But that isn’t the actual story.  A number of years ago, I was giving the lecture at a conference, the name of which escapes me.  It may have been 2001, at a conference called Creative Strands, a small venue in the mid-atlantic region, which was held at Bucknell College in PA.  Anyway, I do know the conference where I gave this lecture was somewhere in the north east, I can picture the classroom, but not much else.

detailI gave this lecture, on finishing your handwoven fabric, and after the lecture, one of the participants handed me a lovely, drapey piece of yardage, which she said, after listening to my lecture, wasn’t finished properly, sett properly, or was even pretty.  I didn’t agree about the pretty part, I loved the combination of aqua, plum and brown, and the gorgeous collection of knitting yarns that were used for the weaving.  It was at least three yards of fabric as I recall, and the participant, (whose name escaped me shortly after the conference and I’ve been wracking my brain ever since to remember), didn’t want the fabric anymore, and insisted that I take it.  Not one to ever pass up a free addition to the stash, and very confident that this fabric would really be great once I washed it aggressively, I agreed to take it off her hands.  I assumed that the workshop participant was actually the weaver.  Little did I know…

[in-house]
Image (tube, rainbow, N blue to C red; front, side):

So after I returned from this conference, many years ago, I washed and dried the yardage, as I normally would, seven times.  Nothing happened.  Which led me to finally realize that the yarns were mostly acrylic, and no amount of washing and drying would change the ultimate structure of the yarn.  So I was left with a lovely, poorly sett fabric, for garments purposes, it would have been great for a scarf.  Which means, we go onto plan B.